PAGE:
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Hopi Hahai-i Wuhti Katsina Tihu with Hopi Villages Sticker [SOLD]

C4126C3-flat.jpg

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  • Category: Traditional
  • Origin: Hopi Pueblo
  • Medium: wood, paint
  • Size: 6” x 2-½” - flat style = 3/4" thick
  • Item # C4126C3
  • SOLD

Hahai-i Wuhti is one of the more colorful of the Hopi Katsinas.   She is present in many ceremonies—Salako, Powamu, Pachavu, Palȍlȍkongti, and even the Soyoko.  Her personality is that of a sprightly Hopi grandmother. She may be found speaking in her shrill falsetto for the Nataskas (Ogres) on First Mesa.  She would be demanding meat for them, for after all, they are her and Chaveyo’s children. Failing to get the kind or quantity of meat desired, she may be heard berating the inconsiderate, hard-hearted individuals and mutterying dire threats.

Again, she may be seen in the Salako extorting those giant bird-like katsinas through an elaborate ritual.  In yet another guise she appears in the Third Mesa Pachavu offering the children somiviki, a Hopi food, and when they reach for it she pours water on their heads.  This is not an idle act but one with ceremonial meanings.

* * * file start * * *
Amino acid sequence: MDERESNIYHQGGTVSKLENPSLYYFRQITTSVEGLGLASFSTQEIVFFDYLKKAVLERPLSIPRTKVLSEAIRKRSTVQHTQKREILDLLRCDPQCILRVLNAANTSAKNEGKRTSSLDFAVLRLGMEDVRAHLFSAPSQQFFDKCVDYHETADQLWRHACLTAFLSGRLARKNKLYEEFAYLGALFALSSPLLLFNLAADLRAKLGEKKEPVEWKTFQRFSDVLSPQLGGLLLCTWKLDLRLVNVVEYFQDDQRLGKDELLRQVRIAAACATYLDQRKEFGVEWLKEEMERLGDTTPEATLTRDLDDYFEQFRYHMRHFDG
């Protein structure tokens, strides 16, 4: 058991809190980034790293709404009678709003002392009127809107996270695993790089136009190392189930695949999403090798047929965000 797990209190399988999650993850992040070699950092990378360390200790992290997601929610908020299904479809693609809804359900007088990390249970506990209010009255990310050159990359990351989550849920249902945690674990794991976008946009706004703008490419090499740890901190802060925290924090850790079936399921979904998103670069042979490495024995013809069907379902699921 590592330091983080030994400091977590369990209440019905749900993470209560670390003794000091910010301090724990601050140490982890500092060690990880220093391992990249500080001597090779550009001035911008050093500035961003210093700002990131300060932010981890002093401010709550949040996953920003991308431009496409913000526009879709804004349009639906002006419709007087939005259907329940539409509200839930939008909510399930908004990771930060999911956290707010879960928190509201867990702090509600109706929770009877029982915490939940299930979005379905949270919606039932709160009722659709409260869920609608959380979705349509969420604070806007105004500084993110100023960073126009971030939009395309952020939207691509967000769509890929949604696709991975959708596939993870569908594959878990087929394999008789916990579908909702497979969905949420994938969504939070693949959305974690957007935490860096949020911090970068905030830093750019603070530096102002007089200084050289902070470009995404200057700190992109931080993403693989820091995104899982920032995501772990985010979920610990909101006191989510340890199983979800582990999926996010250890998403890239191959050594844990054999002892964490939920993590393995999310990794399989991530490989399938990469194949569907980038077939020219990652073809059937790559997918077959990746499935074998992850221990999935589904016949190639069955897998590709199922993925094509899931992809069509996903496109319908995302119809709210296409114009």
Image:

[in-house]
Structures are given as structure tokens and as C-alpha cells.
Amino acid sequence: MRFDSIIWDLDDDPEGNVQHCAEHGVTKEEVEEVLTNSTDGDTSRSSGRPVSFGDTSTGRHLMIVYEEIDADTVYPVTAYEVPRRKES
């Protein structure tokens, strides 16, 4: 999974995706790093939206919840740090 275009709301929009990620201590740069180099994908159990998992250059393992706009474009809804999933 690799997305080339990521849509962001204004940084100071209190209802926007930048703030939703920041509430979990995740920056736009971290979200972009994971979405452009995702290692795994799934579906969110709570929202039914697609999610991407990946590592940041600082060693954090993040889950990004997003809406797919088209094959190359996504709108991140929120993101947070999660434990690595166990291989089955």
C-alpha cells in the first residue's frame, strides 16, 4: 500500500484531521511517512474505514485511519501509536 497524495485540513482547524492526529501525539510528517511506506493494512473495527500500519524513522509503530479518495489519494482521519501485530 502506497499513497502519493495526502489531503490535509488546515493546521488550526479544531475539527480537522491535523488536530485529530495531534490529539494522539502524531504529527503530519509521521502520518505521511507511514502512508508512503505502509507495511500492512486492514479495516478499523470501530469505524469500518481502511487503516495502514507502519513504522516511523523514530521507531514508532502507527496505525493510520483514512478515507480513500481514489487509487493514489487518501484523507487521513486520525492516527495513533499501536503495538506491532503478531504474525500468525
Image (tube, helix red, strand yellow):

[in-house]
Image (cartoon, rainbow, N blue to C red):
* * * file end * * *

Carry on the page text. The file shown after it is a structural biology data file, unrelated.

And yet another time she will be seen as the wet nurse of the Water Serpents during the Puppet Dances.  Wherever she appears she is usually very vocal, an attribute not common among the other katsinas.

In addition to being the mother of the ogres, she is thought of as mother of dogs, and of katsinas.  

It is the tihu (flat katsina doll), such as this one, that is given to the very young Hopi babies and captive eagles.  Hahai-i Wuhti is always the first doll given to a newborn infant. When a Hopi restrains an eagle on the roof of his home, it is treated with honor. It would be given gifts of small baskets and gifts of Hahai-i Wuhti katsina dolls.

This representation of Hahai-i Wuhti is the style given to infants as their first gift from the katsinas.  This one appears to date to pre-1950 and has a paper label on the back “From the Hopi Villages” of the style typically put on items at Fred Harvey gift shops in the Southwest.


Condition: this Hopi Hahai-i Wuhti Katsina Tihu with Hopi Villages Sticker is in very good condition

Reference: Kachinas: a Hopi artist’s documentary by Barton Wright with original paintings by Cliff Bahnimptewa

Provenance: from the collection of a family from Santa Fe

This doll really is flat - better for the Hopi babies to hold.


  • Category: Traditional
  • Origin: Hopi Pueblo
  • Medium: wood, paint
  • Size: 6” x 2-½” - flat style = 3/4" thick
  • Item # C4126C3
  • SOLD

C4126C3-flat.jpgC4126C3-large.jpg Click on image to view larger.